First, there is the fact that, since 1947—from the threat to Greece and Turkey to the latest attacks on Quemoy and Matsu—we have in the end met limited aggression not by using strategic airpower with nuclear weapons but by hurriedly mobilizing some form of limited countermeasure. There has been a gap between our emphasis on nuclear weapons in diplomatic theory and budget allocations on the one hand, and our policy when the chips were down, on the other. It is quite likely that if we and our opponents understood better how we would in fact behave, in the face of limited aggression, we would have seen fewer forays across the truce lines since the end of World War II. Our concentration on the big weapons has tempted them in the past and may tempt them again.
Second, in Europe we now confront a situation where our allies are increasingly unwilling to accept a situation where limited aggression may still occur and their only recourse is to rely on counterattack with nuclear weapons under circumstances where Soviet missiles could evidently overwhelm them and where the United States would have to reckon on direct attack. Increasingly, thoughtful Europeans have come to understand that stability in that region demands increased nonnuclear strength.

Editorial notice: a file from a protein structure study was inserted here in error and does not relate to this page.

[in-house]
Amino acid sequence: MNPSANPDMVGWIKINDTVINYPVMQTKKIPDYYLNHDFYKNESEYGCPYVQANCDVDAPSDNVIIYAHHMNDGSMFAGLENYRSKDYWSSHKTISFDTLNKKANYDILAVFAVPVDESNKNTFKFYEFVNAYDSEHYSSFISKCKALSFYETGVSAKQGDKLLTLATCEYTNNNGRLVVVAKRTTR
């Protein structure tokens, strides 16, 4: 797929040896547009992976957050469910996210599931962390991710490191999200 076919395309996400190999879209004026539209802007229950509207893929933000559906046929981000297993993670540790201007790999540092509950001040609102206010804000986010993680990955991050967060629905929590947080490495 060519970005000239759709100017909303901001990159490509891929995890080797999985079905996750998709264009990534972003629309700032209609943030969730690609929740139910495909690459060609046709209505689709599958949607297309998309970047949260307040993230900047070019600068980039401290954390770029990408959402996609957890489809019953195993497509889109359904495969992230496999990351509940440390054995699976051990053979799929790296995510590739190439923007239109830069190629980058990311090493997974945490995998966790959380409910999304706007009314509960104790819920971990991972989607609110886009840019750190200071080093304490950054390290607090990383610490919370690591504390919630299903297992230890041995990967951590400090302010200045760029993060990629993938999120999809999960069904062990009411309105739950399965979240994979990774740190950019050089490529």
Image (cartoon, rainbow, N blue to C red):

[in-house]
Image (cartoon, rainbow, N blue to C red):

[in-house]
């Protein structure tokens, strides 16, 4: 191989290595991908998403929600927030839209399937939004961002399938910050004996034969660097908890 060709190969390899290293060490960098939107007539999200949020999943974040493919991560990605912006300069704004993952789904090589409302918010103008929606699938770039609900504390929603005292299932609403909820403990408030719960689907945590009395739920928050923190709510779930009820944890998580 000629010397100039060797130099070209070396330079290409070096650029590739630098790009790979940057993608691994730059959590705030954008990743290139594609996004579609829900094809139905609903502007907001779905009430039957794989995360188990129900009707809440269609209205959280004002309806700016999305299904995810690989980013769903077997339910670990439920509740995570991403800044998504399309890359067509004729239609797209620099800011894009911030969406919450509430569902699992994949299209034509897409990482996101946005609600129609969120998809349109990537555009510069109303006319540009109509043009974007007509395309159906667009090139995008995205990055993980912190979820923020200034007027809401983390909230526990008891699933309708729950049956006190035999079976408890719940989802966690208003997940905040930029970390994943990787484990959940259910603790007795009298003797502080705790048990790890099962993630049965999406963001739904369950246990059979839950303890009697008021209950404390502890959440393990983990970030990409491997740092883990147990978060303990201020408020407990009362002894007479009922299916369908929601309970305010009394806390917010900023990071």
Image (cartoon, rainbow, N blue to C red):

Finally, and perhaps most important of all, we must begin to understand that if we make progress toward placing nuclear weapons under international control, we must have an alternative conventional basis for maintaining security. In the long run, by slow stages, we may well move, if all goes well, to very low levels of armaments of all types. In that process, however, we cannot negotiate confidently and safely unless we can mount alternative forms of defense, should a breakthrough come that would neutralize nuclear weapons.
In short, the nature of the Soviet challenge— including the Soviet challenge to put forward concrete proposals for step-by-step movement toward the control of nuclear armaments—requires that we take the problem of deterring limited aggression much more seriously than we have done in the past fifteen years.
Since they early months of 1956 down through the Berlin crisis, the Soviet Union has on a number of occasions used the threat of its missile capabilities to strengthen its diplomacy. Again, this is a form of threat which cannot be defined with reference to economic analysis. It comes, in the end, to a simple test of nerve and will.
The Political Penetration of the Underdeveloped Areas